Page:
Goran Sluiter, professor of international law at Amsterdam University, said that with their newfound status, it seems likely the Palestinians could join the ICC. But it is unclear whether the court would agree to investigate their complaints.
He said the court would look at key issues, including the gravity of the alleged crimes and whether Israel's own judicial system is capable of judging the case, before deciding whether to prosecute. If they were to launch a probe, prosecutors also would look at alleged crimes by Palestinians.
"I think there is still a very, very, very, long way to go," Sluitter said. In the conflict between the Palestinians and Israel, "there's a broad range of conduct that could be a basis for further investigations because they would qualify as war crimes."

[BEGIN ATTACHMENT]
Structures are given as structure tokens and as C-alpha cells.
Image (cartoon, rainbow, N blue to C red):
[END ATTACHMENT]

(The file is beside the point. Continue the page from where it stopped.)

Robbie Sabel, a former legal adviser to the Israeli Foreign Ministry, said he thinks the Palestinians "will seriously hesitate" taking action against Israel.
He said Israel, for instance, could try to hold the Palestinian Authority responsible for rocket attacks out of the Hamas-ruled Gaza Strip aimed at Israeli cities. Palestinian President Mahmoud Abbas, who lost control of Gaza to Hamas five years ago, claims to represent both territories on the international stage.
"Any Hamas person who launches a rocket could then be subject to ICC ruling. They have to expose their own people first," said Sabel, who is now a law professor at the Hebrew University.
A U.N. report into heavy fighting between Israel and Hamas four years ago found evidence of war crimes by both sides.
Israeli Foreign Ministry spokesman Yigal Palmor said Israel would fight any attempt by the Palestinians to use the ICC as a "politicized instrument" against Israel.
"We are not worried about Israel's case because we have a good solid case and we work strictly according to international law," he said.